‘Skandal Tabung Haji’ muncul di tengah hangat kita bersembang tentang bagaimana syarikat berpenyakit milik kerajaan, 1MDB; sedang bergelut untuk melunaskan hutangnya yang menggunung.
Nama Tabung Haji dipetik apabila ia didapati telah membeli sebidang tanah Tun Razak Exchange, seluas lebih sedikit daripada separuh padang bola, dengan harga yang luarbiasa mahal. Ini dipercayai telah dilakukan bagi membantu 1MDB melunaskan hutang-hutangnya.
Kebetulan, pengerusi Tabung Haji ketika hal ini terjadi adalah tidak lain, Azeez Rahim; bekas Ahli Parlimen Baling, yang duduk sangat hampir ke tengah lingkaran dalaman mantan perdana menteri merangkap suami kepada Datin Seri Rosmah Mansor.
Lebih menarik lagi, ketika itu; empat orang Ahli Lembaga Pengarah Tabung Haji turut berada dalam lembaga pengarah 1MDB. Empat orang ini harus dihafal nama mereka, iaitu; Datuk Johan Abdullah, Tan Sri Ismee Ismail, Datuk Abdul Samad Alias dan akhir sekali, peminat kasut merah; Tan Sri Irwan Serigar Abdullah.
Skandal Tabung Haji meletup seawal Mei 2015. Dua bulan sebelum skandal 1MDB meletup di akhbar Wall Street Journal dengan segala macam pendedahan, diikuti tindakan undang-undang oleh DOJ tentang wang dari akaun ‘Tanore’ yang masuk ke akaun peribadi mantan perdana menteri, Datuk Seri Najib.
Najib Razak mengambil masa yang begitu lama untuk bersilat dengan alasan dan justifikasi terhadap duit derma orang kaya Arab yang mulanya tidak wujud, namun kemudian diakui, dan kemudian dikembalikan sebahagiannya. Namun langkah, bunga dan buah Najib Razak ternyata sia-sia belaka.
Setelah Najib Razak dan juak-juaknya tersungkur dalam pilihanraya 9 Mei lalu, Azeez Rahim meletakkan jawatannya sebagai pengerusi Tabung Haji pada 24 haribulan.
26 September, Azeez muncul di mahkamah dengan berpakaian lokap SPRM.
1 Disember, Tabung Haji membuat dua laporan polis terhadap Azeez Rahim, bekas Ketua Pegawai Eksekutif, Tan Sri Ismee Ismail dan Datuk Seri Johan Abdullah. Ya, nama-nama ini kita ada sebut awal tadi.
Bukan sahaja itu, beberapa nama pengurusan kanan lain dipetik termasuk Datuk Adi Azuan (Ketua Pegawai Operasi), Datuk Rozaida Omar (Ketua Pegawai Kewangan), Hazlina Mohd Khalid (Penasihat Undang-Undang) dan Rifina Md Ariff (Pengurus Besar Kanan, Perkhidmatan Korporat Dan Harta Tanah).
2 Disember, media melaporkan bahawa pada tahun 2016; Tabung Haji didakwa memalsukan buku akaunnya. Ini dilakukan untuk memberi ilusi prestasi cemerlang badan tersebut demi mewajarkan dividen 6.25 peratus yang diumumkan menjelang pilihanraya lalu.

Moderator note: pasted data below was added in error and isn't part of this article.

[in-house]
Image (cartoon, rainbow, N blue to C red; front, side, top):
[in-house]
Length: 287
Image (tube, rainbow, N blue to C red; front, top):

Dividen berjumlah RM2.7 bilion dibayar tiga bulan sebelum pilihanraya.
Itu belum campur soal kehilangan RM4 bilion daripada RM64 bilion yang dimasukkan pendeposit ke tabungan rukun Islam kelima itu. Perkara serupa pernah dibangkitkan Rafizi Ramli pada tahun 2016. Berbakul Rafizi kena maki.
Siapa dia ‘pendeposit’ yang dimaksudkan? Ya, ibu ayah kita di kampung yang menabung lama untuk mengerjakan haji. Hasil berniaga nasi lemak, menoreh getah, ambil upah jaga budak. Dah marah belum? – Roketkini.com
Isn’t buying votes something
we know only too well?...
Two election court judgments were meted out in recent days – that of the Rembau state seat in Negeri Sembilan and the Cameron Highlands parliamentary seat in Pahang.
Of the two, I think that the Rembau case is a no-brainer. The returning officer erred big time. Denying entry to a candidate into the nomination centre just because he lacked a so-called piece of paper is wrong, dead wrong. I believe this is the first time such an incident occurred, at least to the best of my knowledge.
From my experience entering nomination centres as a candidate, everything was smooth-sailing as it should be. In the two elections which I participated, the nomination centre was at the Kuching City South building.
The first time, the officer at the entrance did not even bother to check anything. He just waved me and my proposer and seconder in. Earlier, we had to pass by some police officers among the crowd before we reached the main building. The policemen also allowed us to pass without any hassle. Perhaps, Kuching is a small place and we, local politicians, were familiar faces. It was really that simple.
On the second occasion, the sentry at the main door requested to see my papers. I just pulled out my file with my nomination paper and that was it. He ushered me in. No hassle too, nothing. He did not even bother to ask or look for anything from my proposer and seconder.